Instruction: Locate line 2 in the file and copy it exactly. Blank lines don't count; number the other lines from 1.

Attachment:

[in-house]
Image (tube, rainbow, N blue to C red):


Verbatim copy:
Image (tube, rainbow, N blue to C red):